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Aston Literacy Project

Aston Literacy Project

This website is a resource designed for teachers, parents and children involved in the Aston Literacy Project, and others interested in our research findings. We will update it regularly so please visit often to keep informed.

Our project investigates the relationship between auditory skills, phonology, and reading in children at the beginning and intermediate stages of literacy development. The research is funded by an ESRC-funded grant (2011-2016) conducted by Dr Laura Shapiro (Principal Investigator), Dr Caroline WittonProfessor Joel Talcott, Professor Adrian Burgess, and Dr Anna Cunningham (Research Fellow).

For a summary of our findings:

See Phase 1 Newsletter for Autumn 2011 (beginning of Reception).

See Phase 2 Newsletter for Spring 2012 (middle of Year 2).

See Phase 3 Newsletter for Summer 2012 (end of Reception). 

See Phase 4 Newsletter for Summer 2013 (end of Year 1).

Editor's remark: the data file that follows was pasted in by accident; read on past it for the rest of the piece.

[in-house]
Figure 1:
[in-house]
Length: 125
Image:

Please click here for a brief summary of the project on the ESRC website. Please click here for a poster showing our novel approach to deconstructing phonological tasks, presented at the International Workshop on Reading and Developmental Dyslexia, San Sebastian, Spain 2013.

The project involves two large groups of children from 16 schools in the Birmingham area.

  • Sample 1: 800 Reception-age children (beginning readers) will be tested at the start and end of the Reception year, and again at the end of Year 1 (phases 1,3 and 4).
  • Sample 2: 600 Year 2 children (intermediate readers) will be tested once in the Spring of Year 2 (phase 2).
The research has three aims:
  • To develop our understanding of the different types of auditory and phonological skills displayed by primary school children
  • To investigate how these skills impact upon literacy development
  • To identify the pattern of difficulties shown by children who struggle with reading.
ESRC

We have now finished four large data collection phases across 16 schools in the Birmingham area. Thank you to all the children, teachers and research assistants who were involved. We plan to follow-up the same children from phases 1,3, and 4 during Summer 2016, when they will be in Year 4. We will be in touch with the schools closer to the time to arrange a date for this. 

This research will help lead to more effective early identification of children who are at risk of developing reading difficulties, and inform successful interventions. Your participation will make an important contribution.

Timeline

Employable Graduates; Exploitable Research